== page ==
Art&: A Conversation with Sarah Cain

Thursday, November 17, 2022

6:00 p.m. – 7:00 p.m.

Colby College Museum of Art

Colby College Museum of Art, 4000 Mayflower Hill Dr, Waterville

Join us for a virtual program featuring the artist Sarah Cain in conversation with Beth Finch, the curator of hand in hand, Cain’s current exhibition in the William D. Adams Gallery. They will discuss how Cain realized this extraordinary painting installation, her inspirations for it, and the interplay between her studio practice and site-responsive projects. A Q&A will follow.

This will be a virtual program, using Zoom. Please register here to receive the link to join. A recording will be available on the museum’s YouTube channel at a later date.

The Art & series brings together visiting artists, scholars, museum staff, and community experts for conversations about exhibitions, collections, and projects at the Colby College Museum of Art and its Lunder Institute for American Art. A mix of in-person, virtual, and hybrid programs, this series is designed for those interested in learning more about art and engaging with the key issues of our time.

About Sarah Cain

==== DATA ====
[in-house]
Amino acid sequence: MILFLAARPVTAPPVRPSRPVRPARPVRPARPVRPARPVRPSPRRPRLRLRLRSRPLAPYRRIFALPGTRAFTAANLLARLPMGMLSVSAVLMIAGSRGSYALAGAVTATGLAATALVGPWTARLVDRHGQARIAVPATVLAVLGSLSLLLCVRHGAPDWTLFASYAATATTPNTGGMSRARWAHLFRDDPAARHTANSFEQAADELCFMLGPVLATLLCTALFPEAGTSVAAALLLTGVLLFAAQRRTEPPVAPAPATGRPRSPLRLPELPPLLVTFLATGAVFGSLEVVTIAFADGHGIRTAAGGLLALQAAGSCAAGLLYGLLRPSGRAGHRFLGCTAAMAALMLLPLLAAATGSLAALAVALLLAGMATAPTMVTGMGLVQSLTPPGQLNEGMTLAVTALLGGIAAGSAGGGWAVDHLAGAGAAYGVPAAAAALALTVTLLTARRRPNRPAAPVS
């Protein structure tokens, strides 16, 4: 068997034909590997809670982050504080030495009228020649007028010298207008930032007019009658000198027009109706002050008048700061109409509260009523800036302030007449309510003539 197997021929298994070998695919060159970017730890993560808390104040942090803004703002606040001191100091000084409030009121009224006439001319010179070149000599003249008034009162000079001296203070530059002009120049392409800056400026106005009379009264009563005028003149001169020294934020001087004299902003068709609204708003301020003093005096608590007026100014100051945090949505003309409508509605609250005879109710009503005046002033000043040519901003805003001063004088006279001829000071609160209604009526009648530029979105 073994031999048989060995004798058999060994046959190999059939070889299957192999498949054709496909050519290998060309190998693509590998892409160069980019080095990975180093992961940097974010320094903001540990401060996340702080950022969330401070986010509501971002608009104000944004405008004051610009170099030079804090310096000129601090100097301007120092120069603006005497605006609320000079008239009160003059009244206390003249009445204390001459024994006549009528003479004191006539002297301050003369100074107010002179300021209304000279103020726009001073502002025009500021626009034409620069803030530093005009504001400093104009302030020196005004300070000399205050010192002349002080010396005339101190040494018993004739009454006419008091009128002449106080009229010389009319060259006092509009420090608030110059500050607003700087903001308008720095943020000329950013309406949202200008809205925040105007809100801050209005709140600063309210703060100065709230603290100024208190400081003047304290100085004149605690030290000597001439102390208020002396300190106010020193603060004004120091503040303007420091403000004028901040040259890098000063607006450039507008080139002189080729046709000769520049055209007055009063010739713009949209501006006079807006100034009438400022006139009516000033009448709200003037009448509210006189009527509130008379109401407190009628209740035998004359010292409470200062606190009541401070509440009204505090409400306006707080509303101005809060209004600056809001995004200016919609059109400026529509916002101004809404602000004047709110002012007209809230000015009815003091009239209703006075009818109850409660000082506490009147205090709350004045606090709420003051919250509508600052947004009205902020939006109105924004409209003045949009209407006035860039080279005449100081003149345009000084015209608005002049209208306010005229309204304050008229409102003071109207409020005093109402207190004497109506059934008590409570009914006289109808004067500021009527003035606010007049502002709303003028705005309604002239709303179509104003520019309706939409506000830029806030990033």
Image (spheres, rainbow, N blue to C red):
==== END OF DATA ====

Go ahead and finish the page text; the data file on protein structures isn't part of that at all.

Born in 1979, Sarah Cain grew up in upstate New York and has lived and worked in California since the late 1990s (she is currently based in Los Angeles). She received a bachelor of fine arts from the San Francisco Art Institute, a master of fine arts from the University of California at Berkeley, and attended the Skowhegan School of Painting and Sculpture. Cain’s works are in major museum collections; her commissions include Walk Right Up to the Sun, a major work in stained glass for the San Francisco International Airport, and My favorite season is the fall of the patriarchy, a site-responsive installation for the National Gallery’s East Building Atrium. Cain has had solo exhibitions at the Museum of Contemporary Art, San Diego; the Contemporary Art Museum, Raleigh, North Carolina; the Institute of Contemporary Art, Los Angeles; the Momentary at Crystal Bridges, Bentonville, Arkansas; and the Tang Teaching Museum at Skidmore College, Saratoga Springs, New York.

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